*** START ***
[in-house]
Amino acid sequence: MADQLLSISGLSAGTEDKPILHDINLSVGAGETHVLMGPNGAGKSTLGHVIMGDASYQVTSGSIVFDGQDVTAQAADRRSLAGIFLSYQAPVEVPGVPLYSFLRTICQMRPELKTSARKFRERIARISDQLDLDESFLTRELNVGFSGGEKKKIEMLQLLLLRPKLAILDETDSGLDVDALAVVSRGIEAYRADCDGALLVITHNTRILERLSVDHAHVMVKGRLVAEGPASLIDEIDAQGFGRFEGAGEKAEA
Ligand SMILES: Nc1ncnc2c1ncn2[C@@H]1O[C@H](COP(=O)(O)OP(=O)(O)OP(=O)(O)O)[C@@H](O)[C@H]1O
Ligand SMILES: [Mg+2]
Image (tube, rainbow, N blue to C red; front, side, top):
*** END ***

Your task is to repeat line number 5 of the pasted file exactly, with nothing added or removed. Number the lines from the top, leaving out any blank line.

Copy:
Image (tube, rainbow, N blue to C red; front, side, top):